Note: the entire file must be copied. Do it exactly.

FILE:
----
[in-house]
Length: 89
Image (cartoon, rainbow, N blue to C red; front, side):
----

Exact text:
[in-house]
Length: 89
Image (cartoon, rainbow, N blue to C red; front, side):